September 6, 2002

C.U. Professors Explain Standard Model

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Do the names charm and strange mean anything to you? How about up and down? Top and bottom? To the students of New York State who will be taking the Regents exam, a statewide standardized test, the names of these six quarks, fundamental parts of the Standard Model, will become very familiar.

After the recent addition of a modern physics theory, the Standard Model, to the material covered on the N.Y. Regents Exam, high school teachers from around the state gathered at Cornell from July 15-19 to learn about the Standard Theory from the experts at the University.

Because the theory is relatively modern, compared to 300-year-old Newtonian physics, many high school physics teachers might not be familiar with it themselves, let alone have the ability to teach the new material to their students. This is where Cornell scientists came in.

“We thought we could do a service by teaching [them] about the Standard Model. We tried to give them an introduction to particle physics. It’s what we do here,” said Ahren Sadoff, research professor at Cornell’s Laboratory for Elementary Particle Physics (LEPP).

During the 5 1/2 day workshop, teachers attended luncheon lectures on the new material and developed lesson plans, laboratory exercises and games to make the learning process easier for high school students. The games created include “Quarkle: That quirky quark game!” and “Particle Scrabble,” where the goal is no longer to spell out words but to balance equations describing particle reactions in particle accelerators.

“We wanted to give [the teachers] hands-on activities to do with the students,” said Lora Hines, educational outreach coordinator at LEPP and organizer of the workshop.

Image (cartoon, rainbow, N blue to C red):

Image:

Though the focus on the Standard Model was a major part of the workshop, there were other subjects given attention as well. These included planetary science and scale and measurement.

The theory of the Standard Model is two-fold. First, the Model explains the building blocks of matter. While protons and neutrons were once thought to be the smallest particles, it is now believed that there are even smaller particles called quarks that have the names of up, down, charm, strange, top and bottom. The Model also suggests the presence of particles of another fundamental particle, the lepton, which is a point-like particle. The electrons in an atom are leptons, while the protons and neutrons are made up of the up and down quarks.

Second, the Model seeks to combine the forces that govern the universe. These are the weak, strong, electromagnetic and gravitational forces. So far, the Model has been successful in unifying the electromagnetic and weak forces into the Electroweak Theory. The strong force, which holds quarks together, was then unified in the Standard Model with the Electroweak Theory.

“If you take out the Standard Model, then you’re mostly teaching stuff that’s about 300 years old. If you check out newspapers and magazines — and some kids do read those things — you see that a lot of the articles that relate to physics are dealing with particle physics,” said Andrew Telesca, a physics teacher at Johnson City High School and a contributor to the core curriculum, in a press release. “We needed something that was going to bring physics teaching in high schools into the 21st Century.”

Many scientists noted that although the Standard Model will be included on the Regents exam, this does not mean that the Model is a completed process, or that it is perfect.

“It is the best theory we have. We also know that it’s not quite correct. We know there are problems the Standard Model doesn’t answer but it works. Our experiments are consistent with its predictions,” Sadoff said.

Archived article by Elizabeth Donald